Thursday, August 8, 2013

Beijing Loses the Cambodian Election

New challenges may force Hun Sen to tack away from China

Last week’s election marked a sea change in Cambodian politics, but Prime Minister Hun Sen is a canny politician who can be counted on to adapt to the new environment. The biggest loser is likely to be China, which made the Cambodian strongman its new BFF after Burma began democratic reforms two years ago. Now Beijing is unlikely to get the return on investment it expected from Phnom Penh.

To recap, the opposition National Rescue Party won almost half the seats in the National Assembly on July 28, and credibly claims that without blatant vote rigging it would have won a majority. There’s little chance Hun Sen will cede power, although his Cambodian People’s Party (CPP) has agreed to a cursory investigation.

The real question is how Hun Sen will alter his governing style to shore up his base of support in the countryside over this five-year term. He could double down on repressive measures to silence opposition and rely on aid and investment from China. Or he could address citizens’ concerns about corruption and the lack of rule of law, and court greater Western support as a reward, much as Burma has done. The latter course offers greater upside.

Until this election, the CPP has been able to chart a middle way with support from both China and the West. Over the last few years Hun Sen has tacked toward China, whose budget for aid, soft loans and investment by state-owned companies has grown dramatically. It is now Cambodia’s largest source of foreign direct investment, with $1.2 billion in 2011 alone, about 10 times the amount from American companies.

Hun Sen says he prefers Chinese help because unlike the West’s aid it comes with “no strings attached.” It’s certainly true that Beijing doesn’t lecture him on human rights and democracy. But it is hardly subtle about pulling Phnom Penh’s strings in other ways.

As the chair of the Association of Southeast Asian Nations in 2012, Cambodia earned the scorn of its neighbors for squelching discussion of their South China Sea territorial disputes with China at three critical meetings of regional leaders. Days before the first one in April, Chinese supremo Hu Jintao paid a visit bearing $70 million in new grants and loans.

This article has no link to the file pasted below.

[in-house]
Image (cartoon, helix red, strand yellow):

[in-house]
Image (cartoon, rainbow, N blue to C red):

Hun Sen’s aide Sry Thamrong told the media that the two leaders agreed that Asean should not “internationalize” the South China Sea issue. At the same meeting, the Cambodian Prime Minister asked for $300 million to $500 million in soft loans for irrigation, electricity and other projects.

At the February meeting, Phnom Penh simply used its prerogative as chair to take the South China Sea off the official agenda. In July, the Cambodian Foreign Minister cut the Secretary General of Asean off in the middle of his speech when he began to talk about territorial tensions; the group was unable to agree on a communique for the first time in its 45-year history. Then at the November East Asia Summit, Hun Sen raised the chutzpah bar even higher when he announced Asean had reached a consensus not to internationalize the disputes, which led to a formal protest by the Philippines.

Not surprisingly, in September Beijing gave Cambodia the full $500 million in loans Hun Sen asked for. But now he must live with poisoned relations with all his neighbors aside from Laos, another Beijing ally. Vietnam, which is one of the South China Sea claimants, still has plenty of influence within the ruling CPP, having installed Hun Sen in power in the 1980s.

Ordinary Cambodians are also growing uneasy with Chinese dominance over the economy. 

Beijing’s infrastructure projects use a high proportion of imported Chinese workers, limiting their benefit to locals. Chinese businesses, especially those connected to illegal logging and mining, feed the corruption of CPP officials. Reuters reported in February on an $11 billion Chinese plan to build a seaport, railroad and steel complex in Rovieng. That mini Chinese invasion is all too reminiscent of the $3.6 billion Myitsone hydroelectric dam that Burma has now suspended.

This puts Hun Sen in an awkward position politically. In recent years China has provided about half the foreign aid Cambodia received, reducing Western donors’ leverage. But he can’t afford to bank on China alone, since aid still accounts for nearly half the government’s budget. More importantly, the newly reinvigorated opposition demands political reform to fight corruption and improve accountability. Reliance on Chinese money would only make it harder to respond to this challenge.

Beijing once again finds itself knobbled by its own tendency to throw its considerable weight around in the region. So it will be no surprise if Hun Sen’s knack for self preservation causes him to tack back toward his Western benefactors, strings and all. Wall Street Journal

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